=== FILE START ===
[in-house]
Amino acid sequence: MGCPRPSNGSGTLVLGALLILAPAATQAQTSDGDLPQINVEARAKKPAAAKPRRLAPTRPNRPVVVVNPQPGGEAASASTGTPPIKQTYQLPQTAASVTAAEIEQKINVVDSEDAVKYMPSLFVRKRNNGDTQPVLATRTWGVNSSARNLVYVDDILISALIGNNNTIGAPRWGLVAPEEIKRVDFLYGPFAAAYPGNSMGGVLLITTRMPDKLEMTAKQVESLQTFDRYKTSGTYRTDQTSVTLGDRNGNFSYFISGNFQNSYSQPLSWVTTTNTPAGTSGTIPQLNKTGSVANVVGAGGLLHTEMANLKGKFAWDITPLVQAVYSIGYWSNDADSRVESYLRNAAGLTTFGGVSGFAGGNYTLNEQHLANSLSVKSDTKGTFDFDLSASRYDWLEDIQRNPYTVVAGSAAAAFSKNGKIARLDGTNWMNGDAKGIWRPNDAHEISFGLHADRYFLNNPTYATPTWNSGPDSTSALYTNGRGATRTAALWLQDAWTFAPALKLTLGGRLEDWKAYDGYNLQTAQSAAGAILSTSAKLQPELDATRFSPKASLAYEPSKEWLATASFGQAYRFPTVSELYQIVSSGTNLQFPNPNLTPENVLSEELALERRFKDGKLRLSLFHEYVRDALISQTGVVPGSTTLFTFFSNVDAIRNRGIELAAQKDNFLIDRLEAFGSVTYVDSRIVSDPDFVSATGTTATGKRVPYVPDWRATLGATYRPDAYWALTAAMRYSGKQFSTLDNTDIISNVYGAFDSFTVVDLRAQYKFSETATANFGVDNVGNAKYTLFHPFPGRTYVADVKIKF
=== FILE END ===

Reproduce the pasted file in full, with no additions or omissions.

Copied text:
[in-house]
Amino acid sequence: MGCPRPSNGSGTLVLGALLILAPAATQAQTSDGDLPQINVEARAKKPAAAKPRRLAPTRPNRPVVVVNPQPGGEAASASTGTPPIKQTYQLPQTAASVTAAEIEQKINVVDSEDAVKYMPSLFVRKRNNGDTQPVLATRTWGVNSSARNLVYVDDILISALIGNNNTIGAPRWGLVAPEEIKRVDFLYGPFAAAYPGNSMGGVLLITTRMPDKLEMTAKQVESLQTFDRYKTSGTYRTDQTSVTLGDRNGNFSYFISGNFQNSYSQPLSWVTTTNTPAGTSGTIPQLNKTGSVANVVGAGGLLHTEMANLKGKFAWDITPLVQAVYSIGYWSNDADSRVESYLRNAAGLTTFGGVSGFAGGNYTLNEQHLANSLSVKSDTKGTFDFDLSASRYDWLEDIQRNPYTVVAGSAAAAFSKNGKIARLDGTNWMNGDAKGIWRPNDAHEISFGLHADRYFLNNPTYATPTWNSGPDSTSALYTNGRGATRTAALWLQDAWTFAPALKLTLGGRLEDWKAYDGYNLQTAQSAAGAILSTSAKLQPELDATRFSPKASLAYEPSKEWLATASFGQAYRFPTVSELYQIVSSGTNLQFPNPNLTPENVLSEELALERRFKDGKLRLSLFHEYVRDALISQTGVVPGSTTLFTFFSNVDAIRNRGIELAAQKDNFLIDRLEAFGSVTYVDSRIVSDPDFVSATGTTATGKRVPYVPDWRATLGATYRPDAYWALTAAMRYSGKQFSTLDNTDIISNVYGAFDSFTVVDLRAQYKFSETATANFGVDNVGNAKYTLFHPFPGRTYVADVKIKF